There are other epigenetic ramifications that are also important: this ‘happens through a process called methylation and researchers in The Gambia have recently shown that babies conceived in the wet season have very different levels of activity of a particular gene that’s important for regulating the immune system. As Matt Silver, part of the MRC team, says: “Variation in methylation state in this gene could affect your ability to fight viral infections and it may also affect your chances of survival from cancers such as leukaemia and lung cancer.”

Prenatal influences are far greater than we had ever suspected; we were naïve indeed to feel that the importance of diet was primarily to provide nutrients for the developing fetus -ingredients for the recipe. We were too narrow in our conceptions. Too dull, maybe. There is so much about the world –about ourselves- that we are only beginning to understand. We truly live in exciting times… and yet it has always been exciting times for those interested enough to open their eyes hasn’t it? We’ve always lived at the edge of some river or other. It merely takes someone curious enough to travel down it. As Shakespeare said: We know what we are, but know not what we may be.

 

Non-Invasive Prenatal Testing

Chromosomally derived anomalies have been with us for millenia –maintaining structural and functional integrity is obviously difficult when you think about it. We humans have 46 chromosomes that must continually divide and reproduce unerring copies of themselves as they issue unique and contextual instructions for cell development or maintenance.

The functional components of chromosomes are called genes and we have around 20,000-30,000 of them, each one built from smaller base pairs like words in a sentence. And depending on the chromosome, each strand of DNA has well over a hundred million base pairs to supervise. It doesn’t take too much imagination to realize that rearranging words in such a sentence, or letters in each word, can alter its meaning. Jumble its information – or even destroy its function…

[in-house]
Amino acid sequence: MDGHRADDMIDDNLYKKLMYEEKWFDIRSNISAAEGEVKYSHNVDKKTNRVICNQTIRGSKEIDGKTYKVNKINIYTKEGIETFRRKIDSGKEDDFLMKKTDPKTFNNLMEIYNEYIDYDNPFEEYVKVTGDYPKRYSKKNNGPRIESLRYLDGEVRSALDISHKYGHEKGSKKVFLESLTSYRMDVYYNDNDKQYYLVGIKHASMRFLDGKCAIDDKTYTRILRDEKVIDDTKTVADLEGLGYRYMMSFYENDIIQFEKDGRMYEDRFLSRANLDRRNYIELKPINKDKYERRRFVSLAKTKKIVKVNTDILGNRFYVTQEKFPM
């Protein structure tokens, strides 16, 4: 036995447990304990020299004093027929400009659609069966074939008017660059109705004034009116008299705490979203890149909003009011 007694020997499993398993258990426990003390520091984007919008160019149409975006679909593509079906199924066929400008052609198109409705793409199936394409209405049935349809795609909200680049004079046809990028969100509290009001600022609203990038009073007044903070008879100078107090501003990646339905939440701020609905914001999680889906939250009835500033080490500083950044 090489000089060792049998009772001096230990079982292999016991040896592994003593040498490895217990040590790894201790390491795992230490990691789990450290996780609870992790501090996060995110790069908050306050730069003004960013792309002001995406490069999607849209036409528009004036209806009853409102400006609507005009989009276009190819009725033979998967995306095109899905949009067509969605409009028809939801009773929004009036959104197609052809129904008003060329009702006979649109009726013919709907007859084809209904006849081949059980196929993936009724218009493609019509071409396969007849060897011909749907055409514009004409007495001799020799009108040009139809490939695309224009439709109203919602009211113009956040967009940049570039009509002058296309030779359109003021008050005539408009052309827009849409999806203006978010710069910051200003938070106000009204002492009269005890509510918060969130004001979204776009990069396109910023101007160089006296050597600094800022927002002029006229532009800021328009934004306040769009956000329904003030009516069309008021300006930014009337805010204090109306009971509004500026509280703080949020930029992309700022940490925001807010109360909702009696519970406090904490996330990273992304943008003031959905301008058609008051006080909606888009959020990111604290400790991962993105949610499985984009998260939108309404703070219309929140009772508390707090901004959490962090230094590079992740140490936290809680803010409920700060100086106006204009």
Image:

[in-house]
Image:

Throughout recorded history, there has been a recognition that some individuals lacked the same intellectual or emotional attributes as the rest of the community, and yet these people still had a role in the society. They were tolerated and often cherished members of the group and contributed to the weft and warp of the social fabric. Every town had its Village Idiot, to use the ancient (and non-revisionist) term; every village had its special people…

It would seem we live in different times, however, and social values have shifted; there is an expectation of normalcy, if not perfection, in our offspring. The current thrust is early –prenatal– diagnosis of suspected anomalies so that the expectant parents can choose whether the issue lies within their comfort and capability zones.

Prenatal testing has undergone many sea-changes over the years as technology and attitudes have goaded each other. Early tests sought to detect only the most frequent genetic anomaly: Down syndrome –or trisomy 21. As time and ability progressed, more genetic abnormalities have received similar surveillance.

But accuracy of prediction has come under scrutiny of late. It is no longer acceptable merely to arouse suspicion of an abnormality. False positives (thinking the anomaly is present when it is not) and false negatives (not detecting the anomaly) each have their own consequences. Risk of error, in other words, needed to be minimized if decisions were to be reliably dependent on the results.

In Canada, there are currently three (and now four –the subject of this essay) options for prenatal screening of genetic abnormalities –still largely for trisomy 21 because it is by far the largest component of the pool of abnormalities:

  • First trimester screening –done between 11 and 14 weeks gestational age with a detection rate of 87-90% and a false +ve rate of 5%
  • Integrated prenatal screening– consisting of two parts: the first one the same as with first trimester screening and the second between 15 and 20 weeks gestational age. This has a detection rate of 87%-95% and a false +ve rate of 2 to 5%
  • Quad screening– done between 15-20 weeks but with a detection rate of only 81% and a false +ve rate of between 5 and 7%